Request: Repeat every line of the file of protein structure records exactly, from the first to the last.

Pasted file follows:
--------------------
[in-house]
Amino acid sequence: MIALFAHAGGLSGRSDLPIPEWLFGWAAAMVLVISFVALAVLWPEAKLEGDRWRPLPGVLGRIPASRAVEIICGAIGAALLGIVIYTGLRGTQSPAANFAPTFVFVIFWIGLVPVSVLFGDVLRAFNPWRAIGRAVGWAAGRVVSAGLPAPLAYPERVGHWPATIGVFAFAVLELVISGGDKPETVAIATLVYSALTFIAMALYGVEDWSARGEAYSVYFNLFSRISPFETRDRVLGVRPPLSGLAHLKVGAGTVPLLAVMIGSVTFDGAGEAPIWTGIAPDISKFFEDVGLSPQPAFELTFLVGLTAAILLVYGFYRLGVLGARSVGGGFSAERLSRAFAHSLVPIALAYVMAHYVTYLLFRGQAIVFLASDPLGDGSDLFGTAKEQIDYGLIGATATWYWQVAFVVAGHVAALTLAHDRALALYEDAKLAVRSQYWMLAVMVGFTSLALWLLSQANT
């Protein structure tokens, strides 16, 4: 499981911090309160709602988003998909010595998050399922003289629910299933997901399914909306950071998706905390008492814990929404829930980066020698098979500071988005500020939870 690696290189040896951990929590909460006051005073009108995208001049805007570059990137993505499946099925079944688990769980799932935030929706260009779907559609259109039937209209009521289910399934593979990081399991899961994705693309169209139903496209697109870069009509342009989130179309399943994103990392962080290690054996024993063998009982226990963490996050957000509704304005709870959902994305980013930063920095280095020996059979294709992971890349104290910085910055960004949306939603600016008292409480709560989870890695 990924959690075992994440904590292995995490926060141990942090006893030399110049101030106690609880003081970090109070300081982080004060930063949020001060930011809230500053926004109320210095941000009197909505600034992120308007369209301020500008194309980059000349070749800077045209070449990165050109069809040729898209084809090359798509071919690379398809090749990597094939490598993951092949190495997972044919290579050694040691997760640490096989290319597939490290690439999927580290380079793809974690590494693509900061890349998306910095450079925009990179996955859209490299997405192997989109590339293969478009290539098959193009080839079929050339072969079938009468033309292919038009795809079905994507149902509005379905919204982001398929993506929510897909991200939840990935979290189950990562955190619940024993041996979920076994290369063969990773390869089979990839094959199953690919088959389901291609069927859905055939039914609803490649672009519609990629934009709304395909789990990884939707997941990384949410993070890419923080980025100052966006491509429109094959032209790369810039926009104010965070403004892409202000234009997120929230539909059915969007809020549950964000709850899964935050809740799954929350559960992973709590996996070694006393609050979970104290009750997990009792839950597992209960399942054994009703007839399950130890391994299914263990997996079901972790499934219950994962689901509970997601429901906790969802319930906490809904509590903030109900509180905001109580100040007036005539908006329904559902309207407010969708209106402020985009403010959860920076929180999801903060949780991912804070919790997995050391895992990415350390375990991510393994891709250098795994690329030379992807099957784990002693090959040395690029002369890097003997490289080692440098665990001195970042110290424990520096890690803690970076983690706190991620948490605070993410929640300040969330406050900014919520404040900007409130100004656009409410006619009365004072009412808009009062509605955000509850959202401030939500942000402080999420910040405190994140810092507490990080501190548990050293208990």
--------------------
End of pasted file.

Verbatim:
[in-house]
Amino acid sequence: MIALFAHAGGLSGRSDLPIPEWLFGWAAAMVLVISFVALAVLWPEAKLEGDRWRPLPGVLGRIPASRAVEIICGAIGAALLGIVIYTGLRGTQSPAANFAPTFVFVIFWIGLVPVSVLFGDVLRAFNPWRAIGRAVGWAAGRVVSAGLPAPLAYPERVGHWPATIGVFAFAVLELVISGGDKPETVAIATLVYSALTFIAMALYGVEDWSARGEAYSVYFNLFSRISPFETRDRVLGVRPPLSGLAHLKVGAGTVPLLAVMIGSVTFDGAGEAPIWTGIAPDISKFFEDVGLSPQPAFELTFLVGLTAAILLVYGFYRLGVLGARSVGGGFSAERLSRAFAHSLVPIALAYVMAHYVTYLLFRGQAIVFLASDPLGDGSDLFGTAKEQIDYGLIGATATWYWQVAFVVAGHVAALTLAHDRALALYEDAKLAVRSQYWMLAVMVGFTSLALWLLSQANT
């Protein structure tokens, strides 16, 4: 499981911090309160709602988003998909010595998050399922003289629910299933997901399914909306950071998706905390008492814990929404829930980066020698098979500071988005500020939870 690696290189040896951990929590909460006051005073009108995208001049805007570059990137993505499946099925079944688990769980799932935030929706260009779907559609259109039937209209009521289910399934593979990081399991899961994705693309169209139903496209697109870069009509342009989130179309399943994103990392962080290690054996024993063998009982226990963490996050957000509704304005709870959902994305980013930063920095280095020996059979294709992971890349104290910085910055960004949306939603600016008292409480709560989870890695 990924959690075992994440904590292995995490926060141990942090006893030399110049101030106690609880003081970090109070300081982080004060930063949020001060930011809230500053926004109320210095941000009197909505600034992120308007369209301020500008194309980059000349070749800077045209070449990165050109069809040729898209084809090359798509071919690379398809090749990597094939490598993951092949190495997972044919290579050694040691997760640490096989290319597939490290690439999927580290380079793809974690590494693509900061890349998306910095450079925009990179996955859209490299997405192997989109590339293969478009290539098959193009080839079929050339072969079938009468033309292919038009795809079905994507149902509005379905919204982001398929993506929510897909991200939840990935979290189950990562955190619940024993041996979920076994290369063969990773390869089979990839094959199953690919088959389901291609069927859905055939039914609803490649672009519609990629934009709304395909789990990884939707997941990384949410993070890419923080980025100052966006491509429109094959032209790369810039926009104010965070403004892409202000234009997120929230539909059915969007809020549950964000709850899964935050809740799954929350559960992973709590996996070694006393609050979970104290009750997990009792839950597992209960399942054994009703007839399950130890391994299914263990997996079901972790499934219950994962689901509970997601429901906790969802319930906490809904509590903030109900509180905001109580100040007036005539908006329904559902309207407010969708209106402020985009403010959860920076929180999801903060949780991912804070919790997995050391895992990415350390375990991510393994891709250098795994690329030379992807099957784990002693090959040395690029002369890097003997490289080692440098665990001195970042110290424990520096890690803690970076983690706190991620948490605070993410929640300040969330406050900014919520404040900007409130100004656009409410006619009365004072009412808009009062509605955000509850959202401030939500942000402080999420910040405190994140810092507490990080501190548990050293208990």